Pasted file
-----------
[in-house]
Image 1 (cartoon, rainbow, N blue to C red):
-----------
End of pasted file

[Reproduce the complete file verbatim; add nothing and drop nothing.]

[in-house]
Image 1 (cartoon, rainbow, N blue to C red):